A local girl by birth, Matsuda was right alongside new half marathon national record holder Hitomi Niiya (Sekisui Kagaku) as Niiya paced the first 12 km ahead of target pace, on track for 2:19:40 at 10 km before handing over to the other pacers. The pace killed off the pretenders one by one, then Ohara, then former half marathon record holder Kayoko Fukushi (Wacoal), who dropped out just past 25 km, leaving a core group of eight at halfway with Matsuda the only Japanese woman left at 1:09:54 ahead of the two remaining pacers.

From there til the last pacer's departure at 30 km Matsuda kept burning off the competition, only Ethi…

One Step From Sapporo - Osaka International Women's Marathon and Osaka Half Marathon Preview

Gather round, y'all, Sunday's Osaka International Women's Marathon has a story to tell. It's the next-to-last chance for Japanese women to make the Sapporo 2020 Olympic team. All they have to do is be the first Japanese woman across the line and go 2:22:22 or better, as better as possible to keep the crosshairs that will be on their back at the Nagoya Women's Marathon in March down to a workable size. Three women on the list could conceivably play the protagonist and hit 2:22:22 on a good day, Rei Ohara (Tenmaya), Mizuki Matsuda (Daihatsu) and Kayoko Fukushi (Wacoal).

Ohara, last year's runner-up, has run as fast as 2:23:20 and currently has a provisional place on the 2020 Olympic team after finishing 3rd at September's MGC Race Olympic marathon trials. She's the one who stands to get knocked out if anyone hits the 2:22:22 standard, so while Nagoya might have made more strategic sense, here she is. A 28th-place finish at December's Sanyo Ladies Hal…

Shitara on Plans for Tokyo Marathon: "Unless I Run 2:04 I Won't Deserve to Run in the Olympics"

In an interview in Miyazaki on Jan. 23, former men's marathon national record holder Yuta Shitara (Honda) talked in no uncertain terms about his plans for the Tokyo Marathon, his last chance to earn a ticket to the 2020 Olympics. It's going to take breaking current record holder Suguru Osako's 2:05:50 national record to take the third spot on the Olympic team. But, said Shitara, "Even if I break the national record and am chosen, unless I run 2:04 I won't deserve to run in the Tokyo Olympics." If he runs a 2:05 national record, he said unambiguously, "I'll probably turn it down."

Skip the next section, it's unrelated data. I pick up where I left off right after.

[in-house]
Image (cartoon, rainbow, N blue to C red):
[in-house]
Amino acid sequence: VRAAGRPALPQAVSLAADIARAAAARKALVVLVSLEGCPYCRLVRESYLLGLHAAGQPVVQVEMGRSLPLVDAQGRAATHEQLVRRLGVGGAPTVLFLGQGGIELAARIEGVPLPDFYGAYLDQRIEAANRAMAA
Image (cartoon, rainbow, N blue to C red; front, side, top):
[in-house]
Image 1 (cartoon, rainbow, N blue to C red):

Commenting on Shitara's statement, his coach Satoshi Ogawa said, "I think he has complete confidence about winter races, but when it comes to summer races he's not as sure he can perform as expected. He probably thinks that there are other people who can do better in summer races."

Shitara also said, "Tokyo will be the last marathon I run in Japa…

"It Was Important That She Have the Moment to Shine All to Herself' - Inside Hitomi Niiya's National Record With Pacer Tsuyoshi Ugachi

by Ryo Ota

On Jan. 21 Tsuyoshi Ugachi (32, Konica Minolta) returned from the Jan. 19 Aramco Houston Half Marathon in Texas, U.S.A., where he paced Hitomi Niiya (31, Sekisui Kagaku) to the win in a 1:06:38 Japanese national record. Ugachi earned praise for his perfect pacing work, which pushed Niiya to take 48 seconds off the former national record of 1:07:26 set 14 years ago by Kayoko Fukushi (37, Wacoal). "Coach Yokota called me up and said, 'We'd really like it if you'd help her get the Japanese record,'" Ugachi said. "I've known Niiya since high school, so I think my name must have come up not just as someone who could set the pace but as someone who could give her a feeling of security and peace of mind to reduce stress during the race."

Ugachi has been known for his pure guts racing since his days at Komazawa University, where he played a big role in its 2008 Hakone Ekiden win. He has spent the last ten years at the famed Konica Minolta cor…

Saitama International Marathon to be Discontinued

It has been learned that the Saitama metropolitan government and the JAAF, organizers of the Saitama International Marathon used as a selection race for World Championships and Olympic teams, plan not to hold the race this year due to problems with attracting elite athletes and other issues. Launched in 2015 as the successor to the discontinued Yokohama International Women's Marathon, the annual Saitama International Marathon was the first World Athletics-certified marathon in the prefecture of Saitama.

But due to its hilly course Saitama earned a reputation for slow times, and cases of elite Japanese women canceling plans to run became more and more frequent. At last month's fifth edition, despite the opportunity to earn a place on the 2020 Olympic team only one elite Japanese woman competed. According to a person involved in the situation, it was no longer possible to justify spending over 700 million yen (~$6.4 million USD) to hold a national team selection race with decre…